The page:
This year’s symposium took countless hours from countless faculty, staff, students, and guests to set up and run, but it only took one issue of the Concordian to ignore its effect.
I was somewhat shocked when I picked up the September 29th issue of the Concordian and at first glance saw no mention of the massive 2016 Faith, Reason, and World Affairs Symposium. Surely an event big enough that classes are cancelled and instead convened at the conference warranted at least a small feature, especially when it features guests such as Farah Pandith, a former member of both Bush administrations as well as the Obama administration and Clinton State Department.
However, as I looked closer, I did find one article that – at least on a surface level – appeared to be related to the recent symposium.
On first reading, my reaction to the piece “America and the Middle West” was confusion. Obviously it was supposed to be satire, but was it directed at the recent Middle East symposium? What was it trying to advocate? Had I just simply missed the point?
After conferring with classmates in my news writing class, it became apparent that my confusion with the piece was not an isolated incident. The general consensus seemed to be that on a first reading, the article sounded like it was mocking the recent events of symposium that had dealt with America’s relationship with the Middle East.
I am no stranger to satire, and I am well aware that not everyone “gets it.” However, I am also aware that good satire is excruciatingly difficult to write, and when it goes wrong the consequences, despite being unintended, can be pretty negative. While after more in-depth discussion my class determined that this was likely supposed to be commentary on the fact that next year’s symposium will be dealing with Lutheranism, it took us much more time to reach that conclusion than the average reader would spend on any one article.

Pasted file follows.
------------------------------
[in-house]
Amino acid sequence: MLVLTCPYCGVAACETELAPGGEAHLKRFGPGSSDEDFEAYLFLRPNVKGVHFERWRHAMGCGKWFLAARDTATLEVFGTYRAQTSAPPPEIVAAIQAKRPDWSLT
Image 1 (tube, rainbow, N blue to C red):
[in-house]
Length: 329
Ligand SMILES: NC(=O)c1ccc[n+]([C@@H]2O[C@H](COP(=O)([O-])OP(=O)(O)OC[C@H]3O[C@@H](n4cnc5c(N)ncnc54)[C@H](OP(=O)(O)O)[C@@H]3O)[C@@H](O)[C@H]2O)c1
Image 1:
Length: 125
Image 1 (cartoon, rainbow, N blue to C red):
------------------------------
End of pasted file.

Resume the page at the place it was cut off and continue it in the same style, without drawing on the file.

One of the things this satirical piece lacked was any sense of prompting the reader to change their view or take action on something. Satire relies heavily on sarcasm, but when it loses its sense of advocacy, it ends up sounding like mocking rather than commentary.
Additionally, the article runs into an ethical issue when it comes to the use of fabricated quotations. Bringing Sonja Wentling (co-chair of this year’s Middle East symposium) into the article confused the subject matter – it made it even easier for readers to interpret the article as mocking this year’s symposium – but the fact that she had not been contacted prior to the article’s publication is also a fairly significant breach of ethics in journalism.
Even in the April Fools issue of the Concordian where all of the stories are fabricated, those quoted in the fake articles are asked for their permission before having their names included.
If there was a point to be made by this article, I don’t think this was the way to go about it. The Concordian should be a place to explore all views and opinions – especially controversial ones – but that can only be done through open and honest dialogue. Even when venturing into satire there needs to be standards to insure that satire is actually achieved, rather than something that feels much more like mocking without a message.
This article was submitted by Danny Kocher, contributing writer.